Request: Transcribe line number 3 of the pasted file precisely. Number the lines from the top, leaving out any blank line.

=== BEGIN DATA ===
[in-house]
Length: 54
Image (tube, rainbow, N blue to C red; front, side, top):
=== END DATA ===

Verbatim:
Image (tube, rainbow, N blue to C red; front, side, top):